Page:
Susan Kozloff: How much do public employees such as firemen and policemen contribute to their pensions vs. how much taxpayers have to contribute? I believe the Chicago Park District has "reformed" its pension so as to make the ratio somewhere between 8 and 10 times. And they can retire after 20 or 25 years, start collecting those pensions, with COLAS, and start new careers while they're in their early 50s.
Susan Kozloff December 03, 2013 at 05:37 PM
I'm not going to quote a percentage as I don't know . However I do know that when contributions are not made as they have not been by Chicago then the investments can not grow. You assume that every dollar is provided through taxes. Not so. I do know that you will receive much more in social security than you pay in which is also taxpayer supported. Correct? I am willing to support the pensions of those who have worked for me. It's the ethical and moral thing to do.
Susan Kozloff December 03, 2013 at 05:38 PM
Stu Pidasso December 03, 2013 at 05:42 PM
Thanks for the clarification, they do not come off as a rub & tug kind of place.
Slats December 03, 2013 at 05:57 PM
Susan, Social Security benefits are a little more than what someone retiring at 65 nowadays has paid into the program, nowhere near 2 to 1, let alone the 8 or 10 to 1 that public sector employees get from taxpayers. If social security is so good, why haven't the public sector unions bargained for that. There's nothing moral or ethical about public sector unions getting what they want by getting the politicians elected who pander to the unions' desires; using OPM to satisfy them.
Slats December 03, 2013 at 06:22 PM
Susan, re comparing public sector employees pensions to social security, here are some of the sad (for taxpayers) facts: Per the often-cited Urban Institute study of 2011, found at this site: http://www.urban.org/publications/412281.html A single man earning the average wage ($43,500 in 2011 dollars) would pay into, and receive the following: If he turned 65 in 2010, then his Total Lifetime Total Social Security and Medicare benefits received over his lifetime would average: $432,000 VS. the Total Security and Medicare taxes he would have PAID over that average lifetime: $352,000. So he would get about 22% more that what he paid in. Nowhere near the 800% or 1000% that public sector employees get --BEFORE adding their doubly-generous COLAS and early retirement rights.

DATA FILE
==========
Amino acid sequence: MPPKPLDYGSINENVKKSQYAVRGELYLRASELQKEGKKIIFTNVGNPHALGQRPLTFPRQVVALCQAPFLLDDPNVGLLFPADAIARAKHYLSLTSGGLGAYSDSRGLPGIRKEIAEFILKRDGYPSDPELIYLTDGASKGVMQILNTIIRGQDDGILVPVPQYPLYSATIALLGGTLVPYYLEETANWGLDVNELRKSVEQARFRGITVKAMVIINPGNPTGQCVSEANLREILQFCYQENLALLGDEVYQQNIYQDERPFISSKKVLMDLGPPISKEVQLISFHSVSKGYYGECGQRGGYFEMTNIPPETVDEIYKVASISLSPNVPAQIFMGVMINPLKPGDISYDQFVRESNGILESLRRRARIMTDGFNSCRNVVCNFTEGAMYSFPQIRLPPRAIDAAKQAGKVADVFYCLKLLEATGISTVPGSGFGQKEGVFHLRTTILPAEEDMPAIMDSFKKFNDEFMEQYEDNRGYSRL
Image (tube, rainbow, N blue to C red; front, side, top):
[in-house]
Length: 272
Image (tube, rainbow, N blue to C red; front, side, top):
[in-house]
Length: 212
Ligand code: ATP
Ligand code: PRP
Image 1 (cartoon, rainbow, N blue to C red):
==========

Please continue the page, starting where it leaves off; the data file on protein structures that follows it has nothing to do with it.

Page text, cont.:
Dan Cox December 03, 2013 at 06:37 PM
David Naftzger for Mayor!
Susan Kozloff December 03, 2013 at 06:37 PM
Reread my comment. I am not comparing the two . I stated that social security is also publicly supported. I don't know how much you have contributed into your social security fund but I do know mine. And I will be receiving far more than I contributed over the past 45 years....and being an independent contractor I contributed double over that time.
Slats December 03, 2013 at 06:57 PM
But, as the figures show, social security and public employee pensions are, for practical purposes, not even remotely comparable. Moreover, social security obligations are those of the federal government, which can print as much money as it wants, unlike local and state governments.
Slats December 03, 2013 at 07:01 PM
Dan, I'd vote for anyone who refuses to take a pension, and who pledges to reduce the number of government employees appreciably, including the paid board positions. No paid board should be bigger than 3 persons at the local and state level; any more than that simply greatly increases the cost and reduces accountability.
Dan Cox December 03, 2013 at 07:10 PM
David Naftzger was the only city councilman to oppose the illogical and UnConstitutional Assault Weapons Ban, that Mayor Nancy Rotering ram-rodded through. It will cost the city of H.P. at least $300,000.00 to fight this in court and eventually lose, because it violates the U.S. Constitution and State of Illinois Pre-emption law. If the Mayor had gone after only AR-15/AK47 style rifles, she may have had a leg to stand on...but she included handguns, shotguns and sporting rifles too.
Walter White December 03, 2013 at 07:20 PM
McDonalds of happy endings? ROFL...great one Steve!!
Walter (Tripp) Hainsfurther December 03, 2013 at 10:27 PM
I, for one, am tired of those who seem to say that selling the theater will cure all ills. If there was a buyer for the property it would have been sold already. It's kind of like Susan's other pet issue, getting a refund for sewer improvements that we were mandated to make.
AK December 03, 2013 at 11:26 PM
It is not that filled with poison closet commies like to pay extra taxes, but they enjoy when someone else pays more than they do. Right, Walter? Why don't you just make another youtube video and complain directly to Obama instead of posting this nonsense.
Susan Kozloff December 04, 2013 at 11:05 AM
Yes Walter...we were "mandated" to make the repairs.....but only a select few of us were the chosen. And THAT is my issue...that the "mandate" was not evenly applied to all ctizens. AND that Rotterings pledge to me, on my doorstep, that the thousands and thousands I paid to the city would be refunded to me...no question....once she became mayor. It's not the cash...it's the unfairness of the sewer repair program. I would think that after all this time you would finally understand this. Guess not.
Susan Kozloff December 04, 2013 at 11:09 AM
Just give it a rest Wally....apparently I'm not the only sick of hearing from you